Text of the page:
Metro GM proposes no fare increases or service cuts for riders
Continued capital investment in safety and service reliability projects also proposed
Metro General Manager/CEO Paul J. Wiedefeld today proposed a combined operating and capital budget of just over $3.1 billion for FY2019 (begins July 1, 2018) that requires an increase of $165 million over last year's level of jurisdictional funding support. While protecting customers from fare hikes and service cuts, the plan calls for continued strict management cost controls and increased funding for safety and reliability capital improvements.
"This proposal builds on our success in investing capital to deliver projects that improve safety and reliability, which is critical to winning back riders," said Wiedefeld. "This budget also doubles down on management cost controls to ensure we have squeezed the value out of every dollar that we spend delivering service to the region."
The General Manager's proposed capital budget for FY19 is $1.279 billion, which funds the delivery of the remaining 7000-series cars to replace older, less reliable trains; new buses and paratransit vehicles; and address the backlog of track and structure, rail power, and radio and wireless systems, as well as fund the new preventive maintenance program that supports improved safety and rail service for customers. This proposed budget assumes federal formula and PRIIA dollars continue at historic levels and requires a jurisdictional capital contribution of $787 million, which is $136 million higher than last year's required contribution.
Funding Current Levels of Bus & Rail Service
The proposed FY19 operating budget of $1.837 billion is less than 1 percent ($12 million) higher than the current budget of $1.825 billion. However, offsetting projected fare revenue losses and expense drivers that are beyond management's control - including legacy pension and health care costs, mandated paratransit services, and inflation - requires additional management cuts, further reductions in overtime, outsourcing, and increases in parking and advertising revenue.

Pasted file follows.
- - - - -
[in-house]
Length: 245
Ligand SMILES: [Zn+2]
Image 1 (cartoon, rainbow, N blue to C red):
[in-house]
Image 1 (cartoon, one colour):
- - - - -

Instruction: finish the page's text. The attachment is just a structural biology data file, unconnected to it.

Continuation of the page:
In keeping with the General Manager's efforts to limit jurisdictional operating subsidy growth to 3 percent called for in the Keeping Metro Safe, Reliable and Affordable (KMSRA) funding plan released last spring, the net result for the FY19 budget is a requested $29 million increase in local operating subsidy -- significantly lower than the $134 million (16 percent) required last year to support the current operating budget.
"There is virtually nothing more we can do of significance to further trim costs without impacting service, which we don't want to do," said Wiedefeld. "So as a region we must act now on initiatives like those outlined in our funding plan, to control future operating cost growth. To that end, the Authority will initiate a study to overhaul its bus network, which consists of service routes that have remained virtually unchanged for decades, similar to efforts underway in Houston, Seattle, and Philadelphia. Beginning later this year, the study will examine travel patterns, customer demand, technology opportunities, first/last mile private carriers, and how to more cost effectively deliver regional versus local bus service to riders.
Additional Expenses Not Funded
Not funded in the operating budget, however, are service increases such as a proposed extension of all Red Line trains to Shady Grove (eliminating the Grosvenor turn back), additional staffing for Silver Line phase 2 service, and new bus service. The proposal also includes no wage increases for the workforce, which may later be imposed by an Arbitration panel reviewing the collective bargaining agreement for Metro's largest union.
Capital Funding and Federal Grants Expiring
While there has been much positive discussion among Metro's funders, no action has been taken to implement the capital funding recommendations in the KMSRA plan. Therefore, the six-year capital program from FY19-24 does not assume dedicated funding for a $1.5 billion average annual capital program needed over the next decade, nor does it assume continuation of the PRIIA funding beyond its current authorization, as recommended in the Plan. Therefore, jurisdictional contributions to fund Metro are projected to grow significantly in future years to keep the system safe and reliable.